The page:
Owen brings so much content to the table concerning the nature and power of sin in the life of the believer, it is like trying to drink from a fire hose. His thought process, logic, and ability to synthesize Biblical information is beyond comparison. The book is actually a compilation of three books: On the Mortification of Sin in Believers, Of Temptation: The Nature and Power of It, and Indwelling Sin.


In the first book, On the Mortification of Sin in Believers, Owen makes the distinction, from the very beginning, that no unbeliever can mortify sin, just as Paul shows in Romans 8:5-8. Sin is only mortified by the Spirit. Unbelievers are without the Spirit, therefore, whatever good they may have attained to is a self-righteousness they have wrought within themselves. And as Isaiah 64:6 states of works done to try and please God outside of God and the righteousness He provides (namely through Christ), “all our righteous acts are like filthy rags,” and are offensive even to God. “Everything that does not come from faith is sin,” and therefore no unbeliever has a part in true mortification. They may deceive themselves in this manner, thinking they have truly reformed themselves, just as the Pharisees thought. But this is not the case. Owen goes on to describe what mortification is not, by going into detail about the very nature of how men think they have mortified a sin by “morally reforming themselves,” when really the sin still lies in wait until the opportune time to strike, or morphs into another kind of sin (i.e. lust turning to pride or covetousness). Then he goes on to describe what mortification actually is, and that it cannot and will not occur outside of the supernatural work of the Holy Spirit through the work of Jesus Christ to strike at the root of the sin. Owen also makes the point that if you are not daily mortifying sin, even though you may think you are simply lying still and being complacent, you are actually being anesthetized by the sin and under attack, where it gains a greater foothold in your life, making it even more difficult to deal with. Then finally, at the end of the book, Owen states that all he has written up until that point was meant to prepare for the actual work of mortifying sin, and then gives directions pertaining to the work of mortification itself.

In the second book, Of Temptation: The Nature and Power of It, he goes into great detail about what “Entering into Temptation” actually means. He uses the Scripture where Jesus is telling the disciples in the Garden of Gethsemane to be watchful and pray that they may not enter into temptation. Many suppose this means simply to avoid temptation, but Owen describes that being tempted and entering into temptation are two entirely different things. Jesus was tempted but never entered into temptation. Once a person enters into temptation, meaning they make a conscious decision to flirt or play with a sin “at a distance” (so they suppose), it is like a quick sand that pulls you down further than you ever wanted to go, moving you to do things you never thought you could do, bringing about ruin and misery in your life.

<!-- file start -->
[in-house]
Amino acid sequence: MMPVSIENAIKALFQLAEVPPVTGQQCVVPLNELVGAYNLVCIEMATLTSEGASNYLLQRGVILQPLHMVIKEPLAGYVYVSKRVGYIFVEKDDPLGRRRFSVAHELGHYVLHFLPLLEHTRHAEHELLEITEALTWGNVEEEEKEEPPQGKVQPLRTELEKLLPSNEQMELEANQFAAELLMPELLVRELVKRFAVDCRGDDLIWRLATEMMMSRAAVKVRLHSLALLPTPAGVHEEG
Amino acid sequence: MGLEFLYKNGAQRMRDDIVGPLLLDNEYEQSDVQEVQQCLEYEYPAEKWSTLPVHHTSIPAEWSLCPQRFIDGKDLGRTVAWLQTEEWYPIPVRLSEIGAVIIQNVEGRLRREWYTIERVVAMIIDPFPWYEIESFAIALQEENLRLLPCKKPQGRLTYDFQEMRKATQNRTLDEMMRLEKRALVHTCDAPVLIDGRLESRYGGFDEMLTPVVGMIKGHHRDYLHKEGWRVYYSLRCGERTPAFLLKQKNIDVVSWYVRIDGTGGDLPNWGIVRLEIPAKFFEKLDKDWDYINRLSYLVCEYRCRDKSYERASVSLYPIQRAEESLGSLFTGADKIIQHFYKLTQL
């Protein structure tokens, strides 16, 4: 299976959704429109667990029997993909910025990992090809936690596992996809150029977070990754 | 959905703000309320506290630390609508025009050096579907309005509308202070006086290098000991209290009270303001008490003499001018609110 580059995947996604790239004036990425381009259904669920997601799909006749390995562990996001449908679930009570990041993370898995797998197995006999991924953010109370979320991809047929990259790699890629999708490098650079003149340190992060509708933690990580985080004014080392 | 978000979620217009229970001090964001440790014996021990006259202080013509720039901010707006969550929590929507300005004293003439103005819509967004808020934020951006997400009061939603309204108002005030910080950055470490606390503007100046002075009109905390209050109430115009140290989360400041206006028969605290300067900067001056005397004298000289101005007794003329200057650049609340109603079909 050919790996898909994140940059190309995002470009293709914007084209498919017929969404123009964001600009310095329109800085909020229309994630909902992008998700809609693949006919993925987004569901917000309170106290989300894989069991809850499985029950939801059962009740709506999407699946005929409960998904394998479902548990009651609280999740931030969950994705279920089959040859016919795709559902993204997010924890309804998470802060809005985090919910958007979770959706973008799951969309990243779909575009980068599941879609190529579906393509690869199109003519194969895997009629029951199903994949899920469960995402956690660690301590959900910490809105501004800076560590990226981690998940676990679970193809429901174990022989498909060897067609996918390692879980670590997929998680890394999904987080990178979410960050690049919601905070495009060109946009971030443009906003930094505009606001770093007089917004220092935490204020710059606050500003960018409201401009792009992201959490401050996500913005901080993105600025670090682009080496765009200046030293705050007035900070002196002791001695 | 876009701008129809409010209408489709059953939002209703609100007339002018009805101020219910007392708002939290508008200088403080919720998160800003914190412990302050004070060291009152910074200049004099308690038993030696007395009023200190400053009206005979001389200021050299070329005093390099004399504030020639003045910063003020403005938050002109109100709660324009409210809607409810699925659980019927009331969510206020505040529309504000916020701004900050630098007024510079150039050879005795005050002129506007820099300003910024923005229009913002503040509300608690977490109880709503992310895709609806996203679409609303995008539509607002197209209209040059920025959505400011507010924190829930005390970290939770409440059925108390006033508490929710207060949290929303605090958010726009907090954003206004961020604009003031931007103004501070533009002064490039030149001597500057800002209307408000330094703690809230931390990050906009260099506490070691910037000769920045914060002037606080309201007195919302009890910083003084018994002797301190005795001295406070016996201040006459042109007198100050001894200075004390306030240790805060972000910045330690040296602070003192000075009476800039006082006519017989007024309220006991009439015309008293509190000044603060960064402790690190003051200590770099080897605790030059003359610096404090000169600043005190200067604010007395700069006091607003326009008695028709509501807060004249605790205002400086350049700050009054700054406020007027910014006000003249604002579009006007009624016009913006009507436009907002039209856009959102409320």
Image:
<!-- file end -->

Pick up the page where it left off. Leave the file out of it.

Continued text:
The third book, Indwelling Sin, is basically Owen’s unpacking of Romans 7, where Paul lays out the great war going on within him between his sin (his old nature) and the Spirit (that is, the new nature created in Him by the Spirit). The great conflict within all regenerate believers in the Gospel can be summed up in the Latin phrase Simul iustus et pecator – that is, we are simultaneously justified yet sinful at the same time. And there is an unimaginable war going on within us as a result, sin fighting vigorously and deceitfully for sovereignty in our hearts over against the sovereignty of the Holy Spirit in our hearts. He shows how the heart is the seat of the affections we have within us. And for sin to reign in our hearts is to control our affections. Owen dissects the various ways in which sin attacks every facet of our being, to keep us in bondage, in order to carry out offenses against God.

In all of these books, Owen strives to show with Scripture, reason, and extensive arguments, our absolute inability to do any spiritual good that matters in God’s eyes. We our poor, wicked souls, that are in need of Gospel/Cross healing, and that is our only hope even. We are utterly dependent upon God to work within us that which is holy and pleasing in his sight, that He might change our affections, desires, wills, to line up with that of Christ’s. God has given us the means of grace (Scripture, prayer, fellowship, accountability, communion, baptism) in order that we may come to Him and be healed by Him alone. We must make use of the means in order that God may work in us and pursue Him and the supernatural change He makes within us, on His time frame and will. He is sovereign, we are not, in every way. The hope of the Christian alone, in becoming conformed to the image of Christ, is that God is sovereign to change hearts through the cross of Christ, and is indeed willing to do just that. We are on His time frame though. We do not have a wishful hope that God would move in us, but a sure promise that, “He who began a good work in you will bring it to completion at the day of Jesus Christ.” (Philippians 1:6) And we must fight with all the tools and resources God has given us, to have this change done within us by the Holy Spirit alone.